This winter, we are experiencing significant community transmission of both COVID-19 and influenza, which is placing real stress on our community and health system.
We are now beginning to see a new wave of COVID-19 infections, driven by the BA.4 and BA.5 Omicron subvariants. We expect that this wave will lead to a substantial increase in infections, hospitalisations and sadly, deaths, at a time when our communities and health systems are already under strain. Without increased community and public health actions, this impact may be similar to that experienced during the BA.1 wave in January this year.
BA.4 and BA.5 are associated with increased immune escape and we are likely to see rates of reinfection rise among those who have previously been infected with an earlier COVID-19 variant and those who are up to date with their vaccinations. Vaccination continues to be the most important protection against severe illness.
Given reinfections may occur as early as 28 days after recovery from a previous COVID-19 infection, the AHPPC advises that the reinfection period be reduced from 12 weeks to 28 days. People who test positive to COVID-19 more than 28 days after ending isolation due to previous infection should be reported and managed as new cases.
The AHPPC reiterates the shared responsibility of individuals, employers and governments in minimising the impact of COVID-19. There are a range of health behaviours all Australians can undertake to reduce the transmission of COVID-19, protect the community, in particular those most at risk, and protect our health system and essential services, such as:
- Staying up to date with your vaccinations
- The Australian Technical Advisory Group on Immunisation recommends that adults aged 50 to 64 years receive a winter booster dose of a COVID-19 vaccine
- Adults aged 30 to 49 years can also now receive a winter booster dose
- More information can be found at ATAGI updated recommendations for a winter dose of COVID-19 vaccine
- Wearing a mask outside your home when in crowded, indoor environments including on public transport. This is important to protect yourself and others.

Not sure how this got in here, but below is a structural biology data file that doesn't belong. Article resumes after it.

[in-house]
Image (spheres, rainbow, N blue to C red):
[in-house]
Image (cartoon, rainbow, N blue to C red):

- Ensuring indoor spaces are well ventilated
- Staying home if you have any COVID-19 symptoms, no matter how mild, and get tested
- If you have any symptoms, are at higher risk of severe illness and have a negative Rapid Antigen Test (RAT) result, seek a PCR test to confirm whether or not you have COVID-19 so you can access oral treatments for COVID-19 if eligible.
- Not attending high-risk settings such as health care (unless seeking treatment), aged care and disability settings or correctional facilities if you have any symptoms of COVID-19, no matter how mild
- Employers should review their occupational health and safety risks and mitigations, and their business continuity plans. They should consider the feasibility of some employees working from home and support employees to take leave when sick.
- Practising good respiratory and hand hygiene
- Staying up to date with jurisdictional public health requirements and information
Treatment is now available for eligible people with COVID-19. Information can be found at Oral treatments for COVID-19 or speak to your GP now to see if you are eligible for oral treatments should you become infected. Oral treatments can assist in preventing severe disease in people at higher risk.
All of these actions become important during significant waves of COVID-19. If all Australians continue to work together, through early and collective actions, the impact of the BA.4/BA.5 wave can be reduced. Now is the time for all of us to act to protect ourselves, our loved ones, the health system, those who are more at risk and the broader community.